Of course, the excessive executive pay is nothing new; Zynga has never shown any concern for protecting its shareholders' cash. Over the last ten quarters, Zynga has doled out $938 million -- more than its current enterprise value -- in stock-based compensation to executives and directors. Insiders famously dumped half a billion dollars' worth of stock at $12 in March 2012, soon after the company's IPO, and soon before ZNGA collapsed into the single digits. Around the same time, the company spent another $210 million of shareholder cash on studio OMGPOP; the purchase appears to have taken place literally the day on which OMGPOP's Draw Something game peaked. The studio was shut down less than fifteen months later, and the entire investment written down.
So, yes, Zynga has $1.5 billion in cash, or nearly $2 per share. That's a good thing; the problem is that investors should have little faith that the company will do the right thing with that money.
Zynga is not a gambling player -- not now, not in the future.
On Twitter and in comments here on SA I've seen the argument made that the company is merely stepping back from real-money gambling to focus on social gaming, and that RMG progress is simply a matter of timing. Some analysts have argued that the move is, in fact, a good one -- and I agree.
But it's not because Zynga needs to focus on social gaming (it does); it's because Zynga is not a gambling company. I repeat: Zynga is not a gambling company. Yes, it has a partnership with bwin.party Digital Entertainment in the UK (OTC:PYGMF); but bwin.party is doing all the heavy lifting while Zynga essentially piggybacks on its existing infrastructure.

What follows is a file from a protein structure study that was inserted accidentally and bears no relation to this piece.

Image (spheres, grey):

Last year, I laid out the detailed case for why Zynga would not succeed in iGaming; yet in this case, reading the pro-Zynga case may be more edifying. Here is SA contributor George Kesarios earlier this month on Zynga (though, I should point out that he has recanted his bull case for the stock):
See, entering the gambling business does not require much brains. You hire a bunch of smart people to develop the platform (Zynga has already done that), you wait for the Federal Government to give the OK, you bid for a license, you win the license, you pray there will not be much competition and you start printing money. It's as simple as that.
I don't mean to criticize Kesarios alone; indeed, the reason I quote his argument is that has been so widely disseminated over the past eighteen months. And yet, it is completely and totally wrong. First, the gambling business requires incredible brains; one look at the cutthroat nature of iGaming in Europe shows how nimble companies must be to manage competitive, regulatory, and economic pressures. Indeed, bwin.party, Zynga's UK partner, has lost nearly two-thirds of its market value since the merger of PartyGaming and bwin created that company. (It's worth noting that the fall came well after both companies left the US market in 2006; the company simply is struggling amidst a ruthless European market.)